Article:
The 39-floor, 341-room Renaissance New York Chelsea Hotel officially opened on Feb. 10. The hotel, owned by Lam Generation and managed by Real Hospitality Group, marks the upper-upscale brand’s third location in the city.
The hotel’s Italian restaurant Cotto will include an indoor family-style dining room and lounge as well as a 14-seat bar when it opens in the early spring. The hotel offers 7,326 square feet of event space, including a bilevel lounge and rooftop pool and a 200-person ballroom.
Located on the former site of the Antiques Garage flea market, the hotel’s design was inspired by the site’s history with a theatrical design concept by architecture and interior design firm Stonehill Taylor. Art consultant Indiewalls curated the hotel’s collection of artwork, which includes a two-story installation of antique knobs, locks and keys and video art moments throughout the hotel inspired by the local neighborhood.
“Renaissance New York Chelsea Hotel encourages guests to discover this iconic location with a sense of reimagined curiosity,” George Fleck, VP of global brand marketing and management for Renaissance Hotels, said in a statement. “This new hotel, coupled with our significant growth and renovation strategy in North America, further reinforces our brand’s global commitment to ensuring that guests experience the DNA of the neighborhood through our dramatic design and engaging guest experiences—ultimately leaving with a new appreciation of the destination.”
Stonehill Taylor’s design aesthetic was created to play on the contrasting dichotomy of the hotel’s industrial, antique and floral market surroundings, creating the illusion of walking through a secret garden. The hotel’s top-floor exterior has a glass facade while the entrance evokes an English manor.
Behind a stone-walled arcade entry is a private, open-air courtyard with trees and seating for guests to lounge in fair weather.
Tapped to curate the hotel’s art collection, art consultant Indiewalls led a massive two-story installation of antique knobs, locks and keys created by local artist Laura Morrison that takes center stage as the backdrop to the lobby staircase. As guests pass through the space, they are encouraged to touch and interact with the pieces. Indiewalls also oversaw mixed-media artist Liam Alexander’s creation of various video art moments throughout the hotel, reflecting inspiration from the flower district and flea market concepts in the surrounding locale and eliciting the feeling of a “living painting.”
Trellage-Ferrill Studio fabricated custom pieces including a collection of upside-down bird cages and a large pendant at the elevator lobby inspired by a bird’s nest. Leather tiles made from vintage belts coat the walls of the elevator cabs.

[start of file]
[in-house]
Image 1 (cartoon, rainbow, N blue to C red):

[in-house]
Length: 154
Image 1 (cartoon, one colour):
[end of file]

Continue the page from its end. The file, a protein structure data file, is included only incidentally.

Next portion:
The bi-level lounge and rooftop pool, Somewhere Nowhere, is set to open in the coming months on the hotel’s 38th floor. The space will be accessible via a hidden, ground-floor passageway—a repurposed loading dock updated with spray-painted murals of fireflies and gnomes, neon signs and old-fashioned lantern sconces—that leads to an elevator. The 39th floor rooftop terrace will have one of the highest open-air pools in the city.
The hotel has 7,326-square-feet of flexible event space, including Somewhere Nowhere. The 2,170-square-foot Cardinal Ballroom can accommodate up to 200 people and has floor-to-ceiling windows that open out to Juliet balconies with city views. The ballroom can also be split into two separate rooms for smaller conferences.
A private dining room in the hotel’s restaurant, Cotto, has an arched doorway, garden-style string lights, antique rugs and dried moss encased in antique gilded frames on the walls. The dining room’s greenhouse-esque glass wall folds open for access to the restaurant’s rear garden.
Earth tones dominate the color palette of the 341 guestrooms and suites. Interiors are outfitted with wood-paneled printed wallcoverings and have “playful touches” like gnome desk lamps and rabbit coat hooks. Guest bathrooms are meant to look like a quaint garden shed with concrete sinks, porcelain tiles and mirrors etched with silhouettes of wildflowers.
Suites on the fourth and 36th floors are distinguished by their 14-foot high ceilings. A focal point of each suite is a floor-to-ceiling framed wallcovering art installation of a magnified peacock feather, as well as an oversized mural of a woman’s silhouette comprised of fuchsia roses by artist Sara Byrne.
Renaissance Hotels encompasses more than 170 hotels open around the world. The brand has two other locations open in New York City—the Renaissance New York Midtown Hotel and the Renaissance New York Times Square Hotel—with another two slated to open in the next two years in Flushing and Harlem.